Construction project beginning at Garfield and 18 Mile

By: Nick Mordowanec | Fraser - Clinton Township Chronicle | Published January 4, 2016


CLINTON TOWNSHIP — Garfield Road is already a well-traversed spot for motorists, but many of them might want to find a new route soon.

On Dec. 28, Macomb County Public Works issued a release stating that the far right northbound lane, south of 18 Mile Road, will be closed for approximately nine months for a county sewer project.

The job consists of replacing a 45-year-old sewage metering facility that is part of the Macomb County wastewater system that serves Clinton Township.

The project will take place on the southeast corner of Garfield, temporarily closing 800 feet of roadway south of 18 Mile. All lanes north of 18 Mile will be open, as will all lanes of southbound Garfield. Left turn lanes at 18 Mile will also be open.

Jason Matteo, chief engineer of Macomb County Public Works, said in a release that the township’s existing sewerage metering facility — which was constructed around 1970 — is past its prime and has exceeded its useful lifespan.

Construction will take place 40 feet below ground and utilize large excavators, loaders and bulldozers. Demolition, pile driving, bypass pumping and concrete placement are also part of the process. Work will be contained in an area fenced off from the public.

The updated facility will be a 25-by-14-by-19-foot concrete chamber buried in the ground. A flow-measuring device will be installed within the chamber, using the aid of an electronic flow-sensing device that will constantly record sewage flow through the meter station, which will then be linked to an electronic network maintained by the county and transmitted to its command center.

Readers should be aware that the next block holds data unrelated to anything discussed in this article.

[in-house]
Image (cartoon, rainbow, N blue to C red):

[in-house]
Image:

The meter facility must be positioned at a low point in Clinton Township’s gravity-based sewer system in order to positively drain, and also to collect, all of the upstream sewage from the tributary areas. The station will record the flows and transport sewage in a 9-foot Macomb Interceptor located 46 feet beneath Garfield.

Lakeshore Global is the general contractor, while the consulting engineering firm assisting in construction is Hubbell, Roth and Clark Inc.

Brad Shepler, an associate with Hubbell, Roth and Clark Inc., said the project is part of a larger scope that was initiated in 2012 at a cost of $8.6 million. This Garfield project is the final one of many rehabilitation projects throughout the county.

“As part of the project plan, we’re required to do a life cycle cost analysis, so we did an analysis on 18 structures around the county,” Shepler said. “Fifteen of them were more cost effective to rehabilitate them, but there were three where the numbers didn’t work. This is the third of the three, and all the other rehabilitation sites are done.

“(All the projects have) taken a little bit longer than expected. Contractors ran into some unforeseen conditions and deep excavations have been taking longer than anticipated.”

The project is strictly that of Macomb County Public Works. However, the county works as much as it can with the Macomb County Department of Roads, Clinton Township Public Services and local businesses as needed.

“We are doing our best to reach out to everyone to let them know what’s going on, and so far the feedback has been really positive,” Shepler said.

Residents and businesses also won’t be left out of the project progress.

Shepler said a notification list will be developed to provide real-time updates to interested and affected parties. All email addresses will be blind copied on progress messages that will be distributed either weekly or bi-weekly.

He said this is done to alleviate stress or frustration. Sometimes it takes a couple of months just to dig a hole and people get irritated at what seems like an apparent lack of progress, he said.

“Our main goal is to maintain a safe and reliable sanitary sewer system for the county,” he said. “The structure was not in that good of shape. The county is striving — after taking over the system from Detroit — to offer a better sanitary system.”

Lane closure and construction activity were slated to begin Jan. 4, after press time. Motorists have been advised to seek alternate routes during the construction period.

Individuals wishing to be included on the progress distribution list are asked to send their requests to